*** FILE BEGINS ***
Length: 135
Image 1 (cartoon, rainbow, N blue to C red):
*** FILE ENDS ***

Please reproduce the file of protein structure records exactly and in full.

Length: 135
Image 1 (cartoon, rainbow, N blue to C red):